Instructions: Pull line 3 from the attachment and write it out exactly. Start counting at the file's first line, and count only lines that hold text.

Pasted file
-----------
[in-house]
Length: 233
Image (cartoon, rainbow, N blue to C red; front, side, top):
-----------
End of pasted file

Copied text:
Image (cartoon, rainbow, N blue to C red; front, side, top):